Building the Kingdom

At a construction site, three men were pouring a mixture of sand, water, and lime into a trough.  A passerby asked them what they were doing.  The first man said, “I’m making mortar.”  The second one said, “I’m laying bricks.”  But the third man said, “I’m building a cathedral.”  They were all doing the same work.  It was their attitudes that were different—and what a difference they made!  Each one of us can probably identify with this story in our own lives.  We all know people who take the short view of life.  They do just enough to get by, whether at their jobs or in their families or in their relationship with God.  They come to Mass at Christmas and Easter and drop their $5 in the collection basket when it comes by.  They bring their children to be baptized and bring their parents for a Catholic funeral.  They are the ones making mortar.

Surely, we know some of the second type as well.  These are the people we work with every day.  They show up, do a good job and take pride in being a good employee.  They love their families and their children.  They’re next to us in the pew at Mass every Sunday.  They know the words to most of the hymns and they usually give some of their treasure to help pay the bills.  They do all that’s asked of them.  They are the ones laying bricks.

If we’re blessed, we know a few of the last ones as well.  They are the people who do their jobs with joy and gladly help others to do their jobs, too.  They don’t ask for credit or recognition and just being around them makes you feel good.  They volunteer for the PTA and the carpool when they aren’t coaching Little League or teaching Sunday School.  They come to daily Mass.  They take Holy Communion to the nursing home and do what needs to be done around the church without even being asked.  They tithe ten percent of their income to the Church and are often those “anonymous donors” who contribute generously to keep the parish going when times are tough.  They are not only building a cathedral, they’re building the Body of Christ.

I don’t know about you, but I want to be one of these last people.  I want to serve God and His Church joyfully and gladly and I know that I can best serve Him by serving others.  “Just getting by” isn’t enough.  My faith is too important to me to spend my time on earth just making mortar.  I need God always at the center of my life and I need the strength and courage that He gives me in His Sacraments. I know that when I mess up (every day) that the Lord will forgive me and help me to do better. I know that He wants me to forgive others in just the same way. I need the love and support of my parish family.  This is what stewardship is all about—because the more we need, the more we need to give.  We need to offer serious time for prayer, Adoration, and Mass.  We need to give our time to help the poor and the needy.  We need to share our talents, whatever they may be.  We need to put ourselves at the service of the One Who gives us everything.  We understand that it takes a lot of money for the Church to function, so we give sacrificially so our parish can carry out its ministry work.  In helping to build the Body of Christ, I’m laying up treasure in heaven.  This is the joy of stewardship:  in knowing that my humble gifts laid at His altar for His purpose never belonged to me anyway.  They were always the mortar and the bricks in the Cathedral of His Kingdom.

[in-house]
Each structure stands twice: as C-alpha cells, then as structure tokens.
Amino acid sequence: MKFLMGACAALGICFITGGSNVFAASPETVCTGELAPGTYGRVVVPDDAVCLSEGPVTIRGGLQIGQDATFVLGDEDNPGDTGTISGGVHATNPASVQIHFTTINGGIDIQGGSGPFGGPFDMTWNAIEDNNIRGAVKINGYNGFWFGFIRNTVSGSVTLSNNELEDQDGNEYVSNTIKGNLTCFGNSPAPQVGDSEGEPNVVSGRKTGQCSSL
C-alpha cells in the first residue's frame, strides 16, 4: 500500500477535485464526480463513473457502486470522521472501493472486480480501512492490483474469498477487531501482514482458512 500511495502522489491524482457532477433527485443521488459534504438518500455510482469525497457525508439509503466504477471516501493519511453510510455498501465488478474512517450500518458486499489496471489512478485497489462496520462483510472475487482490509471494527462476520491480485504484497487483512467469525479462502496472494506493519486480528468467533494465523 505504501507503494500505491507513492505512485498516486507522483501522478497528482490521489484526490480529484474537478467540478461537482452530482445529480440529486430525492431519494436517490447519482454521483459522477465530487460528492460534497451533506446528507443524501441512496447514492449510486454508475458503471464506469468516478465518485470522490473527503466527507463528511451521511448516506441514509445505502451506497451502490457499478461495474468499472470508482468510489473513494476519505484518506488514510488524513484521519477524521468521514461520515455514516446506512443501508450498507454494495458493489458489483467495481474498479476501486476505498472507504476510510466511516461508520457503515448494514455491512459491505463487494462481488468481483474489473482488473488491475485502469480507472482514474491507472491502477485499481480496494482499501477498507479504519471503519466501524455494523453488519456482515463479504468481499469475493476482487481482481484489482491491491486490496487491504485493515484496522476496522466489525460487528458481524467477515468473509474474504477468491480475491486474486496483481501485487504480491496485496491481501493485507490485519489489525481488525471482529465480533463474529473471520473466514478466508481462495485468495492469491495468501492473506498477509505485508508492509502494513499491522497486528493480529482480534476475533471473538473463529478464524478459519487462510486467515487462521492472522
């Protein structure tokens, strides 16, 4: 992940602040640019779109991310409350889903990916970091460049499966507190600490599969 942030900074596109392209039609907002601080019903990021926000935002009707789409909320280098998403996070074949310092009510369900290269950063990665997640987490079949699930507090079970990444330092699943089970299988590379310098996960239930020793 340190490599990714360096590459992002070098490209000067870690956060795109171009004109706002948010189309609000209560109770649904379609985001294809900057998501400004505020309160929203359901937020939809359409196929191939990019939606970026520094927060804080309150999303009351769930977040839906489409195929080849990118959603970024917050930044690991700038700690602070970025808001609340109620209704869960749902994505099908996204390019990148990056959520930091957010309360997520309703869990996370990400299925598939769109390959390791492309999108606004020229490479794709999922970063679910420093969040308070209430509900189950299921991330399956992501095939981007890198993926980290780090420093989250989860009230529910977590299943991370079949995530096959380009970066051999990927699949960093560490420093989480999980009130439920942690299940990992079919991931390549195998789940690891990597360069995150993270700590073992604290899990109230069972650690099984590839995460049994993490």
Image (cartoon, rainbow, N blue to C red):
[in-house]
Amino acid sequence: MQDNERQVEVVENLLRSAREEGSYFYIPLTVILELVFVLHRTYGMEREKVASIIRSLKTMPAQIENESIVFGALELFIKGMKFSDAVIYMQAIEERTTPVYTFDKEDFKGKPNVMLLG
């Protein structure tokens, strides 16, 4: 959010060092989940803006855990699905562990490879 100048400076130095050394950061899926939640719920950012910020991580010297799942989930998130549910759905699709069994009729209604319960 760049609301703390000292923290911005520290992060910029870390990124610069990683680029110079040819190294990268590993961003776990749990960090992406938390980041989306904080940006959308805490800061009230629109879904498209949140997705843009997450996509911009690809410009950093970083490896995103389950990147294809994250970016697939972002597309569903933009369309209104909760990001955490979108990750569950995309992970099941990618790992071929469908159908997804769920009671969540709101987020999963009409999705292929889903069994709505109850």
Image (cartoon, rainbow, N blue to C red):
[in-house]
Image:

“Persevere in the exact fulfillment of the obligations of the moment. That work – humble, monotonous, small – is prayer expressed in action that prepares you to receive the grace of the other work – great and wide and deep – of which you dream.”

           –St. Jose Maria Escriva

1 Comment (+add yours?)

  1. Brian H. Gill
    Mar 11, 2018 @ 23:22:12

    Agreed. What’s behind door number three seems like the best idea.

    Being the sort of person I am, I also remember a gag from when this useful story was perhaps more well-known than it is today. It was the same mortar-bricks-purpose story, except the fellow who said he’s building a cathedral was fired. They were building a garage.

    And that probably illustrates another useful point. Or maybe not.

    Thanks for highlighting a good story. Fable?


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